The Nagas

Hill Peoples of Northeast India

Project Introduction The Naga Database

published - Chapter IV 'Detailed Report on the Naga Hills Expedition of 1878-80', Capt. P.J. Maitland

caption: reinforcements
medium: reports
person: Robertson/ Col.MacGregor/ Lt.Nuttall/ Col.Abbott/ Capt.SalojiEvans/ Maj.
location: Jotsoma Sachema (Sachima) Kohima Priphema (Piphima) Sephima
date: 20.12.1879-29.12.1879
person: Maitland/ Capt. P.J.
date: 1880
person: India Office Library, London
refnum: IOR L/MIL/17/18/24
text: On the 20th December a detachment under Colonel Robertson, who was accompanied by Lieutenant Macgregor,Deputy Assistant Quarter Master General, visited the site of Jotsoma, which it was believed the enemy were trying to re-occupy. Some Nagas were found in a strong position above the Basoma spur, but they retired into the jungle without waiting to be attacked. A sangar was destroyed, and some dhan burnt.
text: On the 22nd December Field Force Head Quarters and the guns moved from Sachima to Kohima, where the General had meant to have established himself some time previously, but had been delayed by want of transport coolies. Colonel Nuttall was left in command at Sachima with the head quarters, and about two hundred and ninety rifles, 44th Sylhet Light Infantry.
text: The wing 42nd Assam Light Infantry under Captain Abbott, which the Brigadier General had first ordered up (telegram dated 24th November), reached Golaghat on the 9th December, and left on the 11th. They were ordered to take all the posts on the line of communication, ( Borpathar, Hariajan and Dimapur were already held by the 42nd.) the relieved detachments 43rd Assam Light Infantry and 44th Sylhet Light Infantry rejoining their respective head quarters. The remainder of Captain Abbott's wing, about two hundred rifles, reached Piphima on the 19th December, but transport coolies not being forthcoming they were unable to proceed further. On the 23rd a hundred rifles of this detachment were ordered to visit the site of Sephima, destroyed by Major Evans and the 43rd Assam Light Infantry on the 16th November, as the people of that place under a chief called Saloji " had been giving a good deal of trouble on the road." Captain Abbott found the Nagas trying to re-establish their village. Some resistance was attempted, but the enemy were speedily driven off, their temporary huts burnt, and a large quantity of grain destroyed. There were no casualties on our side.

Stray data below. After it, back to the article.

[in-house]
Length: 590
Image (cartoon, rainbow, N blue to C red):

text: On the 29th December Captain Abbott and his detachment, now reduced to about one hundred and thirty rifles, reached Kohima, and on the same day a detachment of the 44th Sylhet Light Infantry ( fifty rifles) under Colonel Robertson was brought in from Sachima. The relieved posts of the 43rd Assam Light Infantry and 44th Sylhet Light Infantry, aggregating about forty rifles, had all rejoined their head quarters by the 21st December. (46) The distribution of the Field Force on the 31st December was approximately as under:-
text: ___________________At_the_Front.
__Head_Quarters_of_the_Field_Force,__Brigadier_General_Nation_and staff.
text: _Sachima-
__44th_Sylhet_Light_Infantry_(Head_Quarters)...____290_all_Native ranks.
text: _Konoma-
text: _Piphima-
text: _Pherima-
text: _Zumha_Pani-
text: _Samaguting-
text: _Nichi_Guard-
text: _Dimapur-
text: _Hariajan-
text: _Borpathar-
text: _________________At_Golaghat_(_the_base)
text: _________________At_Woka.
text: Grand Total of 1,437 Native Infantry ( Including gun detachment.) and 2 mountain guns.
text: In addition to the above, the head quarter wing of the 42nd Assam Light Infantry was on its way to join the Field Force, and the move of the wing 10th Native Infantry to Shillong would liberate some small posts which would then join their head quarters. On the other hand, there were 19 sick and wounded at Kohima, 29 at Sachima, and 18 at Konoma, besides 48 at Golaghat, so that the whole force at the front only amounted to about eight hundred effective infantry.